LIKE most women, Ann Lee had experienced occasional discomfort in her breasts. But in her early 40s, this discomfort developed into severe pain. 'My breasts were very hard, like bullets, for about 10 days at a stretch,' says Mrs Lee, now 46.

'They were so painful that I couldn't bear my husband to touch me. Things became very difficult; he would say: 'Oh, no, not tonight, not again . . .' The pain was especially intense in my nipples and kept me awake at night. If I turned over in bed, I yelped. I had to go up a bra size. I couldn't even bear my clothes rubbing against me.'

Mrs Lee's symptoms are not uncommon: it is estimated that up to 70 per cent of women in Britain suffer from breast pain, or mastalgia, at some time in their lives. According to the Breast Care Campaign, it is one of the most common symptoms in women attending a breast clinic - and the most frequent reason for breast-related visits to the doctor.

Unfortunately, many GPs either dismiss breast pain as one of the imaginary ailments of 'neurotic women' or believe it is something women have to put up with.

'Doctors are very resistant to treating breast pain,' says Professor Robert Mansel, head of the department of surgery at the University of Wales College of Medicine. Women complaining of breast pain, he says, are often seen as diverting valuable time and attention from efforts to detect and treat breast cancer.

'Some doctors believe breast pain is a woman's lot,' he says. 'There are women who have come to my clinic in tears. They say - I've been all over the country looking for help and no doctor will listen to me, they all say I'm crazy. Some plead with me to give them mastectomies to put them out of their pain.'

Professor Mansel, who wants benign breast disorders taken more seriously by doctors, believes the dismissal of breast pain is linked to the British obsession with the breast as a sex object. In other countries, he says, medical conferences on breast disorders will also look at the breast in terms of art, culture and a woman's sense of self.

Mastalgia can either be cyclical, fluctuating with the menstrual cycle, often becoming worse before menstruation, or non-cyclical, occurring at any time, usually in women over 40. The causes are still unclear, but in many cases, it is thought to stem from abnormal sensitivity of breast tissue to the female hormones. Diet can exacerbate this: women with breast pain tend to have low levels of gamolenic acid and high levels of saturated fatty acids in the blood, which appear to increase the effects of hormones on the breast. Cyclical pain may also be a side-effect of hormone-replacement therapy or oral contraceptives.

Dr Amanda Ramirez, a liaison psychiatrist with the Imperial Cancer Research Fund's clinical oncology unit at Guy's Hospital, London, says that with severe mastalgia 'a woman needs time off work; she can't pick up her children or vacuum the carpet - and it's the end of her sex life'. Dr Ramirez has found that women with severe breast pain experience as much anxiety and depression as women about to undergo mastectomy.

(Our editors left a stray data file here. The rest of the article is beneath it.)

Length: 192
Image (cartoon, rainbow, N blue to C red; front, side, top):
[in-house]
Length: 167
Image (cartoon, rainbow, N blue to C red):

They often suffer immense anxiety about the possibility of cancer. But in most cases, breast pain is a benign condition.

Professor Mansel believes, however, that any woman with breast pain should have her breasts examined by her doctor to exclude malignancy. According to a survey by the Breast Care Campaign, only half of women who go to their family doctors for breast pain are examined. The figures drop to 11 per cent for women over 55. 'It's appalling,' says Professor Mansel. 'Doctors must examine women to feel for lumps to exclude cancer.'

So what should GPs be doing for women who come to them with breast pain? For many, the relief of being told they do not have cancer - after a sympathetic hearing and examination - is all the treatment they want. The Cardiff Breast Clinic found that 85 per cent of women appeared to be satisfied by reassurance and an explanation about mastalgia. Many can also benefit from changing their bra or having it fitted by a specialist bra fitter.

Breast experts also advocate that women cut their saturated fat intake; sometimes a diet may be needed to help reduce obesity. Gamolenic acid, found in evening primrose oil, has been found to reduce symptoms in up to 70 per cent of patients, usually without side-effects.

Women with severe pain may be offered drugs to alter their hormonal balance, such as danazol and bromocriptine; but both can have unpleasant side-effects, including nausea, weight gain and sometimes hirsutism and voice changes.

Later this year Professor Mansel is publishing guidelines for GPs on how to treat mastalgia; he hopes that they will result in a more sympathetic attitude.

But in the meantime, many women, like Ann Lee, are treating themselves. She has never seen a doctor about her symptoms. Instead, she has used evening primrose oil. 'It has given me some relief,' she says. 'I have also reduced the fat in my diet, which has helped too.

'Male doctors, and some female ones, can't sympathise with women who have breast pain,' says Mrs Lee. 'They think it's something women have to put up with, rather than a disorder requiring understanding and treatment. Many women just want to know it's not malignant.'

The Breast Care Campaign, 1 St Mary Abbot's Place, London W8 6LS.

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